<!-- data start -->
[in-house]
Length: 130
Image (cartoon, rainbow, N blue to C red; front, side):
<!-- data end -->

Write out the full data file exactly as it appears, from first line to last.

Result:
[in-house]
Length: 130
Image (cartoon, rainbow, N blue to C red; front, side):